Top Tips 2021 – How much do you need to save for a “successful” retirement?
Article provided by Jason C. Gaynor Investment Services, LLC
A successful retirement—it is something we all desire, yet many of us spend as much time planning for retirement as we do planning for our next root canal.
Why do we fail to plan? We don’t know where to start; it is intimidating, and feels like a dauting task. Before long, years pass, and our “plan” becomes “ugh, I’ll never be able to retire.” We are all human, and for some, procrastination runs in our blood. Few of us wish to spend time addressing a subject we do not understand well.
The reality? Putting together a plan is NOT a daunting task, particularly if we start early. Many of us are fortunate that our employers offer to us an Employer Sponsored Retirement plan—a 401K. This provides an avenue to defer a portion of our salary for retirement. The problem—how much do we defer? Should it be five percent of our pay or three percent? How much do you truly need to set back in seeking to provide for a successful, happy retirement of travel, relaxation, and leisure—while addressing your concerns about the fear of running out of money?
I am often asked these questions, and the good news is that there are easy calculations to help. An old rule of thumb—setting back 10% of our pay for retirement—can be adequate if one starts early enough. Here is a case study:
35 year old with an annual income of $50,000
- Retire at age 65
- 2% annual salary increase
- 10% of income deferred into 401K
- Employer match of 3%
- Average annual rate of return in 401K: 7.5%
401K value at age 65: $853,574
401K value at age 67: $1,012,069
This individual, at age 35 starting at $0, began saving 10 percent of their pay, achieved an average return of 7.5 percent annually, and by age 65, their account was worth over $850,000. If they keep going to age 67, the value exceeds $1,000,000.
(Calculator Source: https://www.dinkytown.net/java/401k-calculator.html)
For many, seeing over $1 million in their retirement account would be a tremendous accomplishment—and for this individual, who is used to an income of $50,000 per year (after 30 years, assuming two percent annual inflation, the inflation adjusted income level is $90,000 per year) this is a respectable amount of savings.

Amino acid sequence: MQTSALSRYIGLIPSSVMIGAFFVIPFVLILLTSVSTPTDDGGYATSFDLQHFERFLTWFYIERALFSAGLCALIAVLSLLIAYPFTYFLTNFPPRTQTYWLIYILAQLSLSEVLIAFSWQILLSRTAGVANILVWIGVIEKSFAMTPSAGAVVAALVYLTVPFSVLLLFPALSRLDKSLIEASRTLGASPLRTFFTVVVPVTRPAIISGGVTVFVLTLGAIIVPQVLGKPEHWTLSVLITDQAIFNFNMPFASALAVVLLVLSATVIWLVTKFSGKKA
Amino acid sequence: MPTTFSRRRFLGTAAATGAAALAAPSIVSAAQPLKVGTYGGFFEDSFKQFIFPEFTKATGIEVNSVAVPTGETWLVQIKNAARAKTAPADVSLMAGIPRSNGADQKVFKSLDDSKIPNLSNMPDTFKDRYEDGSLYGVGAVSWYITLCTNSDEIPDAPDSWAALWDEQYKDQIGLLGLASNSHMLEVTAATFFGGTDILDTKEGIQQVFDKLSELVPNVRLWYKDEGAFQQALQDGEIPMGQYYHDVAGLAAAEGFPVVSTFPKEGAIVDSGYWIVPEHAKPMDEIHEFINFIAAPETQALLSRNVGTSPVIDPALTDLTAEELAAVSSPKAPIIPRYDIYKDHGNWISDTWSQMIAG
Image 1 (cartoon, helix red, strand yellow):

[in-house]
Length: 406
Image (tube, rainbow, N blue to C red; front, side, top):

What we do not know is “how much income will this generate per year? Will it be enough to last the rest of my life?” Another old rule of thumb is that one can invest their savings in the market, and sensibly withdraw five percent of the value, per year, without potentially depleting their savings. Meaning, this individual, at age 67, could sensibly withdraw $50,600 per year without potentially depleting their savings.
$1,012,069 x 5% withdrawal rate = $50,603
Coupled with Social Security income of approximately $24,000 per year (yes, you paid in for it, so currently we must assume you will be returned your money you paid in,) this individual has a plan that could provide nearly $75,000 per year of income.
How realistic is it that this will provide a “successful” retirement? As with anything else, beauty lies in the eye of the beholder. For many individuals, replacing 83 percent of their pre-retirement income and having plus/minus $1,000,000 of liquid savings—this is success.
Some of us will continue to work in a reduced role/consulting position during retirement. Others will save 12 percent of their pay instead of 10 percent. We are all different so design a plan that fits you and your goals. The first step, for all of us, is simply to start saving.
Saving becomes a habit. Even if we start at only saving three percent of our pay, we start to watch our statements, we see our savings grow, and we save a little bit more. The “mountain” begins to look smaller, and the task less daunting. Even if your employer does not offer an Employer Sponsored Retirement plan, most financial advisors can establish your own self-directed IRA in a matter of minutes—many IRAs can be started with as little as $50/month on a bank auto-draft.
On the surface, planning for a successful retirement can seem challenging, but don’t be fooled—as long as one has the willingness to save, there is a plan for you.
Jason C Gaynor, Wealth Manager offering securities through LPL Financial, Member FINRA/SIPC
*Information and interactive calculators are made available to you as self-help tools for your independent use and are not intended to provide investment, tax, or legal advice. We cannot and do not guarantee their applicability or accuracy in regards to your individual circumstances. All examples are hypothetical and are for illustrative purposes. We encourage you to seek personalized advice from qualified professionals regarding all personal finance issues.
**This is a hypothetical example and is not representative of any specific situation. Your results will vary. The hypothetical rates of return used do not reflect the deduction of fees and charges inherent to investing. Investing includes risks, including fluctuating prices and loss of principal.